Current Exhibition: Surreal Science: Loudon Collection with Salvatore Arancio, Whitechapel Gallery, 25 August 2018 – 6 January 2019.
Salvatore Arancio’s latest solo show, Surreal Science: Loudon Collection with Salvatore Arancio, is being held at East London’s Whitechapel Gallery. The exhibition, which closes in the new year, sees two supposedly distinct disciplines coalesce.
On encountering Leopold and Rudolf Blaschka’s renowned glass biological models in the Natural History Museum at Harvard University in 1998, Dutch art collector George Loudon began an extraordinary collection of scientific objects.
The collection comprises over 200 objects crafted from unexpected materials such as lost-wax casts, minerals, velvet, ivory and glass. It also extends to books, prints, drawings, anatomical specimens from taxidermied animals, bisected human skulls and papier-mâché flowers.
In Surreal Science, Arancio has curated his own works alongside items chosen from Loudon’s vast collection. In doing so, Arancio creates a perplexing dialogue between the natural and historically significant models and his own fantastical prints and vivid, biomorphic ceramics.
As the gallery writes in their press release, the artist ‘has devised a surreal scenography filled with sound, light and his own sculptures. They are juxtaposed with scientific objects to create startling hybrids and poetic narratives including a nineteenth-century treatise on the shape and colour of human souls. A film with a new soundtrack by The Focus Group musician Julian House takes nature documentaries as its starting point.’
Leopold (1822-95) and Rudolf (1857-1939) Blaschka, Glass model of a Portuguese man o’war, Mid to late 19th century, 14 x 8 x 8 cm. Germany. Image Courtesy George Loudon Collection
Blurring of the boundaries between art and science
Recontextualising a collection of scientific material by displaying it within a contemporary art setting, and alongside prints and ceramic sculptures, unfastens it from its historical framework.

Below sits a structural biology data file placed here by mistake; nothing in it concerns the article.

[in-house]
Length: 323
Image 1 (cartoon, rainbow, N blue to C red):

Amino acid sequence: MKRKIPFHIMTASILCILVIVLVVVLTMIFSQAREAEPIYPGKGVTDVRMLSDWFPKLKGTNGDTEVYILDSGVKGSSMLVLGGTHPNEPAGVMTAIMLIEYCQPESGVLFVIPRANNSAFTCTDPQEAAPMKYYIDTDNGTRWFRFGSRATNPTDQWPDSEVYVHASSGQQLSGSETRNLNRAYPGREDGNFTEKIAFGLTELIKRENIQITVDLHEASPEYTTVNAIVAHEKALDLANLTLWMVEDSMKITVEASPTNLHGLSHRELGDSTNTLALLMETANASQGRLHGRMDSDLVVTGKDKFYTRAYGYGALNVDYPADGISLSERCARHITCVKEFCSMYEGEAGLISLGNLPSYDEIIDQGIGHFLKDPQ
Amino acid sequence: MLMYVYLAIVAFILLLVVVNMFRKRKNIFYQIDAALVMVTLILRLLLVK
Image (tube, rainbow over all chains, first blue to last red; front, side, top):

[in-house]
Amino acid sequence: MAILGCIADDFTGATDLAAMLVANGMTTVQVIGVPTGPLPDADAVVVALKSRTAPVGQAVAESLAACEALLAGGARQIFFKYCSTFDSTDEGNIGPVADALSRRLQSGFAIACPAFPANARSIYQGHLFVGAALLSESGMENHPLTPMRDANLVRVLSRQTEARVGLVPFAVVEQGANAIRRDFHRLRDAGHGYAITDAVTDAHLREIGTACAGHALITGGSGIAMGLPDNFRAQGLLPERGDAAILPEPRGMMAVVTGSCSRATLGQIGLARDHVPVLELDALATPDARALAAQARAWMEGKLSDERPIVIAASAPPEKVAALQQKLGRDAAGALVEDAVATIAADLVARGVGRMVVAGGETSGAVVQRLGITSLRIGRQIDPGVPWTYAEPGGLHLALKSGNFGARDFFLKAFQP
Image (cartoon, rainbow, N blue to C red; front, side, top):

The show’s coordinated blurring of the boundaries between art and science represents a celebration of experimentation and a fearlessness of the unknown. The installation encourages the viewer to appreciate (and to lose themselves in) a space in which scientific enquiry and artistic investigation become two sides of the same coin. What is the result? The process by which the viewer assesses the aesthetics on display challenges their preconceptions of the natural world, making an art object indistinguishable from a scientific model. This is congruent with Arancio’s artistic practice as a whole.
The potential of images – in how their meaning can be re-framed or re-viewed – is at the core of the artist’s work. The artist plays with symbols, always aiming to retain a certain degree of ambivalence in his work. Each facet of his work contains an intertwining juxtaposition in the representation of images. Arancio creates new contrasts and continuities that are both beautifully evocative and deeply disquieting.
Born in Italy, 1974. Salvatore Arancio graduated with an MA in Fine Arts Photography from the Royal College of Art (UK). His works have been shown in many institutions such as Kunsthalle Winterthur (CH), the Contemporary Art Society (UK) and Whitechapel Gallery (UK).
Author: George Greenhill
Cover image: Installation shot. Courtesy Whitechapel Gallery